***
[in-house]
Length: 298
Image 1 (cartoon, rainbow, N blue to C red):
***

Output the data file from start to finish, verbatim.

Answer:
[in-house]
Length: 298
Image 1 (cartoon, rainbow, N blue to C red):